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Microbes Infect. 2002 Aug;4(10):1099-110.

Aspects of the persistence of foot-and-mouth disease virus in animals--the carrier problem.

Author information

1
Institute for Animal Health, Pirbright Laboratory, Ash Road, Pirbright, Woking, Surrey, GU24 ONF, UK. soren.alexandersen@BBSRC.ac.uk

Abstract

Foot-and-mouth disease virus (FMDV) is a member of the Aphthovirus genus in the Picornaviridae family. Seven distinct serotypes, each including a wide range of variants, have been defined. FMD, affects wild and domesticated ruminants and pigs, is difficult to control and is the major constraint to international trade in livestock and animal products. After the acute stage of infection, FMDV may cause a prolonged, asymptomatic but persistent infection in ruminants. Also, vaccinated or naturally immune animals subsequently exposed to live virus may become persistently infected (the so-called carriers), a situation which can result in export embargoes if vaccination is included in a country's control policy.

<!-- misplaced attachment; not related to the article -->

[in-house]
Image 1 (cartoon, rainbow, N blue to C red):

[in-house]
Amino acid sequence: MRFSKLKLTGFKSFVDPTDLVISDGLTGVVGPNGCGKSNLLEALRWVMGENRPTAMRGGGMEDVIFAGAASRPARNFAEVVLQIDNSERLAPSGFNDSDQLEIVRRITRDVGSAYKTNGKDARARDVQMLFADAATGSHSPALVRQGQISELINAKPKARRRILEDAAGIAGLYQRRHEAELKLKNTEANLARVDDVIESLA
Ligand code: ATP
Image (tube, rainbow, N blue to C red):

PMID:
12191660
[Indexed for MEDLINE]

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